WASHINGTON - Frustrated tomato growers and sellers have asked the government to lift a five-week-old salmonella warning and want taxpayers to reimburse them for losses that could exceed $100 million, industry officials said yesterday.
Tomato farmers, packers and distributors made the request to the Food and Drug Administration last week, a month after the agency first told consumers to avoid eating certain tomatoes from suspected regions, later identified as parts of Florida and Mexico.
Industry officials say they no longer see a need to keep the warning. Tomatoes haven't been harvested from the suspected areas in weeks, and investigators haven't found any evidence that tomatoes were to blame. Last week, the government said it had expanded the focus of the investigation to include jalapeno peppers and other produce.
"After going through fields and packing houses, testing over 2,000 samples and not finding one positive, we feel the time has come to release tomatoes and make it clear they were not part of this crisis," said Bob Spencer, a part owner of West Coast Tomato, a Florida grower and packer.
Industry officials from California and Florida, two of the country's leading tomato producing states, said they have started talking to members of Congress about getting legislation that would compensate them for losses that could reach $250 million.
"We believe the FDA basically dropped the ball," said J. Luis Rodriguez, an adviser to Florida Farmers Inc., a trade association. "This was a blatant goof-up, and they should pay."
Since the outbreak began in April, the rare strain of salmonella has sickened more than 1,000 people nationwide, including at least 29 in Maryland. It is the largest salmonella outbreak in at least a decade, and the FDA's inability to identify the source has intensified criticism of the government food safety system.
State and federal investigators implicated tomatoes early on, and the FDA issued a nationwide warning June 7 that cautioned consumers against eating raw red plum, red Roma and round red tomatoes. The only exceptions were vine-on tomatoes, cherry tomatoes and grape tomatoes - as well as tomatoes from areas that weren't harvesting the crop at the time the outbreak began.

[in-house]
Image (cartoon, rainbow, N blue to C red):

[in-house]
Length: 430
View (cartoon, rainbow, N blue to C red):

That list of cleared regions has grown to encompass virtually all sources of tomatoes - 44 states and eight countries.
Industry officials have argued to the FDA that, at this point, the warning is serving only to scare away consumers and threaten the long-term prospects of a $3 billion-a-year industry.
"They are very quick to say, 'Stop eating,'" said Tom Nassif, president of Western Growers Association, representing Arizona and California farmers, packers and shippers. "They have to put as much effort into saying, 'Tomatoes are safe to eat,' as when tomatoes were the possible source."
FDA officials are talking about eliminating the list of cleared regions and plan to talk with the Centers for Disease Control and Prevention about possible steps to clarify any warning to consumers, said Dr. David Acheson, the FDA's associate commissioner for foods. But people keep getting infected, and investigators cannot yet rule out tomatoes, he said.
"The last thing we want to do with this investigation going on and people still getting sick is to lift an advisory on tomatoes and then have to take it back," Acheson said.
Some state health officials have said the FDA is being unfairly singled out, because the agency was acting on the findings of health departments in New Mexico and Texas, working with the CDC, in issuing the warning.
Industry officials maintain that tomatoes aren't a threat to consumers, since suspect regions haven't produced tomatoes in a month or more. They also note new evidence that at least a portion of the outbreak was caused by tainted jalapeno peppers, though no contaminated peppers have yet been found.
Last week, the FDA issued a new warning, cautioning the elderly, infants and those with weakened immune systems to stay away from raw jalapeno and serrano peppers, which are often confused with jalapenos.
Tomato growers are especially frustrated because they must decide soon whether to plant for the coming season. Growers don't want to make the $10,000-an-acre investment if the warning persists and consumer demand remains low.
"If we don't seed the crop, we're out of business. If we do seed the crop and FDA doesn't clear us, we're out of business," said Reggie Brown, executive vice president of the Florida Tomato Exchange, an association of growers and shippers.
Industry officials say the FDA's inaction has forced them to seek help from Congress. Tomato farmers, distributors and retailers are trying to determine the precise amount of damages the scare has caused.
The tomato industry is also seeking changes to the government food safety system, including standards to follow when deciding when to issue a warning and retract it.